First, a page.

As mentioned, titanium easily creates a new oxide layer when the existing one is damaged or removed. Heat introduced by the laser creates an annealing process similar to heat tinting by traditional furnace methods. Color is seen as the light refracts through the thickness of the oxide layer. To produce different colors, the laser beam is slightly defocused to give a larger spot size and control the energy density deposited in the material. The resultant energy density is below the melting point of titanium. After laser processing, a new oxide layer is formed, and colors produced are temperature-resistant to 200°C.

Additional capability

Laser processing can also provide color changes to titanium surfaces from the refraction of light, based on the thickness of the tenacious oxide layer found on all titanium surfaces exposed to air. The color change depends greatly on material chemistry. But on an experimental basis, it can be used to provide permanent identification on parts and components. With further parameter optimization, other colors can be achieved that would be difficult by traditional titanium anodizing.

Although traditional anodizing of titanium and its alloys is well established, the process cannot achieve certain color values the human eye interprets as deep reds (vermillion to scarlet), deep blues, and emerald greens due to the thickness of the oxide layers formed simply skipping over these wavelengths. In Pantone colors, these are typically reds from 185–187, 192, and 199–200, and blues from 280–282, 286, 287, 288 and 294–295, 541. In greens, these could be from 315–316, 322, 323, 330, 335, 336, 564, and 662, for example, and are almost impossible to achieve with anodizing. However, with further laser parameter optimization, it might be possible to produce these and other desired colors difficult to obtain by traditional anodizing. As we look to the future, it might also be of interest to see how colors develop as a function of increasing beta alloying content (comparing CP titanium to a near-α alloy such as Ti-6242 to Ti-6-4, which is an α-β alloy, to a heavily β-stabilized alloy such as Ti-15-3-3-3).

Laser surface colorization and surface structuring also open up a whole realm of possibilities for the aerospace industry. For particularly large structural components, such as a titanium wing spar, where it is extremely difficult to dunk a huge part in an anodizing tank, the ability to colorize or texturize only a small area is attractive. Whether used to create microstructures or color changes, laser technology offers a lot of exciting potential in the processing of titanium and its alloys.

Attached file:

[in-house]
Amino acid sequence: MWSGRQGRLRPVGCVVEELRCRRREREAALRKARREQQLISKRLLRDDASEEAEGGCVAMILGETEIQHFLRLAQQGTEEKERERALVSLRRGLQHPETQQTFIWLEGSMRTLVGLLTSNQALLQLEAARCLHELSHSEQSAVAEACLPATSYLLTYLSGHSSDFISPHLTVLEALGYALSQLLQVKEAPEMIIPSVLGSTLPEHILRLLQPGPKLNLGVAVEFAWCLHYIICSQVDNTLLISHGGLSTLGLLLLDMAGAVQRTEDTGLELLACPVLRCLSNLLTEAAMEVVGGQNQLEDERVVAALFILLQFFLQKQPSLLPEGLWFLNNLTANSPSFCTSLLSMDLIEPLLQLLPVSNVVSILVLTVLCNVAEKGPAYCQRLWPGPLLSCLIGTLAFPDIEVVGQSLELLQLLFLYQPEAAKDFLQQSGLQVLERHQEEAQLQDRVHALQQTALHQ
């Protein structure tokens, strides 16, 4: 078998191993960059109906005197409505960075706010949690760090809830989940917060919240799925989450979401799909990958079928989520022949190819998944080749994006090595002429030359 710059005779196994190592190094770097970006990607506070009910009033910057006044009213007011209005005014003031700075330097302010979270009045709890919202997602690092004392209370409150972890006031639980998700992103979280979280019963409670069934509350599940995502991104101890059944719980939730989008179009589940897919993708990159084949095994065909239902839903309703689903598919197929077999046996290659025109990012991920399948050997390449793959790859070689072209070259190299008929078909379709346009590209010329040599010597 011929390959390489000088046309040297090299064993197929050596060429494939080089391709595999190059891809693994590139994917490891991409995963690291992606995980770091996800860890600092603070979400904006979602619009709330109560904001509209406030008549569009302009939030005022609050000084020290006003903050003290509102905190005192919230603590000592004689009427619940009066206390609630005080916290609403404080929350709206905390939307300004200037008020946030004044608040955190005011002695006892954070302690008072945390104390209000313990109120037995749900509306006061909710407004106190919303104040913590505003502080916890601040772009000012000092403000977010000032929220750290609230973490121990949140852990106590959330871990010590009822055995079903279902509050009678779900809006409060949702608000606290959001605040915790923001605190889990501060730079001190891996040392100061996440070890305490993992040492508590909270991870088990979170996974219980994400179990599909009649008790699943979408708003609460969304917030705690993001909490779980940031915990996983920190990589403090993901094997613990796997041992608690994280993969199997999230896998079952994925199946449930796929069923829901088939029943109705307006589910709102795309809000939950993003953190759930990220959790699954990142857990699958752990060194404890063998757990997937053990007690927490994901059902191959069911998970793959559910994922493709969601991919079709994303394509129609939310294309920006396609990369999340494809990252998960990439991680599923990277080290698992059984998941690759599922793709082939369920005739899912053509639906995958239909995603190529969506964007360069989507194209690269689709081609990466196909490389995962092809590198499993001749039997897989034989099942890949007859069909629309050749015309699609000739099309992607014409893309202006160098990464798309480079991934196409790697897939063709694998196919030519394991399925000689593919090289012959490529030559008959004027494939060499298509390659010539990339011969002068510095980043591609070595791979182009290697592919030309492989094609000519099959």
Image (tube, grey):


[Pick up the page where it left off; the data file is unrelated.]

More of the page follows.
About the Author

Eliana Fu | Industry Manager of Aerospace and Medical, Trumpf Laser Technology Center

Eliana Fu, Ph.D., is industry manager of aerospace and medical at the Trumpf Laser Technology Center (Plymouth, MI). She was educated at Imperial College, University of London with a master’s degree and PhD in materials science. She also performed postdoctoral research at Loughborough University (UK) and Clemson University (USA). After working extensively in the traditional manufacturing world, with TWI then TIMET and SpaceX, she turned her attention to additive manufacturing at SpaceX and then with Relativity Space as senior engineer: additive technologies. She then joined TRUMPF as industry manager, aerospace & medical. She also serves as Women in 3D Printing ambassador for Las Vegas and is the recipient of the TCT Women in 3D Printing Award for 2022. She has written a book based on her experiences as a female engineer at SpaceX.

About the Author

Daniel Huerta Murillo | Laser Applications Engineer, Trumpf Laser Technology Center

Daniel Huerta Murillo, Ph.D., is a laser applications engineer at the Trumpf Laser Technology Center (Plymouth, MI).       

About the Author

Alonza Brown | Head of Pulsed Laser Applications, Trumpf Laser Technology Center

Alonza Brown is head of pulsed laser applications at Trumpf Laser Technology Center (Plymouth, MI).

About the Author

Clinton Coleman | TruMark Product and Project Manager, Trumpf Laser Technology Center

Clinton Coleman is TruMark product and project manager at the Trumpf Laser Technology Center (Plymouth, MI).